What you need to know about blueberries
Name: Blueberries, Vaccinium sp.
Height: typically 1–2m, depending on variety
Foliage: deciduous or evergreen, depending on variety and climate.
Climate: suitable for most climates, including cold temperate, warm temperate, arid/semi-arid and sub-tropical climates. Some varieties are better suited to warmer areas than others, due to lower chill requirements (less cold days required to set fruit).
Soil: blueberries need good drainage and prefer a soil enriched with compost and decomposed manure. Blueberries need an acidic soil to thrive, preferring a soil pH of around 4–5.
Position: full sun, protected from strong winds.
Flowering and fruiting: small, bell-shaped flowers are produced in early and late spring, with fruit following in spring and summer.
Feeding: apply a slow-release camellia and azalea fertiliser in spring or as directed.
Watering: potted plants require daily watering, while garden plants need watering every 2–3 days depending on the weather and soil.
Appearance and characteristics of the blueberry and blueberry bush
Blueberries are compact shrubs that grow to 1–2m high. Divided into highbush (Vaccinium corymbosum), lowbush (Vaccinium angustifolium) or rabbiteye (Vaccimium ashei) varieties, each has its own characteristics and preferred growing conditions.
Highbush blueberries are divided into southern highbush for warmer areas with low chill requirements, and northern highbush, for cool-climate gardens with high chill requirements.
Lowbush varieties are shorter but are not available in Australia due to climate suitability.
Rabbitye blueberries are the most tolerant to extremes of temperature and soil moisture. These are ideal in sub-tropical areas, as well as southern gardens.
Uses for the blueberry
Blueberries are primarily grown for their berries, but they also make wonderful garden or hedging plants. Great in pots or garden beds, blueberries are decorative shrubs with spring flowers, summer berries and autumn foliage. They do well planted with camellias and azaleas because they all like soil with a similar pH.
How to plant and grow blueberries in the garden
The most critical factor to growing blueberries successfully is the soil. Originally from forests littered with pine needles, blueberries prefer a soil enriched with organic matter, decomposed manure and a low pH of around 4–5. Most soils will need an application of sulphur to help lower pH to this range. A pH test kit will accurately tell you the pH of your soil and how much sulphur you need to add to lower the pH to within the correct range. It is critical to improve soil prior to planting.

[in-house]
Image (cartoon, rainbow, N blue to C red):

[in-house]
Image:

How to plant and grow blueberries in pots
If growing in pots, select a premium potting mix designed for azaleas and camellias. This will provide blueberries with the best possible start and the right root conditions.
Caring for your blueberry bush
Blueberries will benefit from an application of sulphate of potash each year in spring to maintain soil pH and the ideal nutrient profile in the soil. Net plants with bird-netting after flowering to prevent birds stealing your entire crop!
Blueberries need a moist but free-draining soil. Raise garden beds if soil is heavy and water every couple of days, especially in dry weather. Always water potted plants daily.
Mulch with pine needles and spent coffee grounds.
How and when to prune your blueberry bush
Blueberries should be left to grow for at least 3–4 years prior to pruning, to allow the roots time to develop and the plant to establish. When pruning, remove any damaged or frost-affected branches in early spring once frosts have passed.
Diseases and pests affecting blueberries
Blueberries are generally pest- and disease free. Aphids can be a problem in some areas—if found, treat with a soap spray or eco-oil.
Birds are probably the worst pest, eating your entire harvest in the blink of an eye. Net your plant to prevent birds stealing your crop.
How to propagate your blueberry bush
Growing blueberries from cuttings
- Take a tip cutting in spring, dipping the cut end in rooting gel or cutting powder
before inserting into moist propagating mix.
- Use a pencil to create a hole for the cutting to prevent scraping all the root powder off the cutting at planting.
- Water daily.
Propagating blueberries by layering
This section can then be removed from the parent plant and potted up or planted separately.
- Push a branch into the soil, while still attached to the parent plant.
- Roots will develop from the branch where it touches the soil.
If you like this then try
Strawberries: delicious juicy berries suitable for gardens of all sizes.
Raspberries: produces a bountiful crop of berries in autumn and summer.
Kale: packed with antioxidants, kale is another of nature’s superfoods
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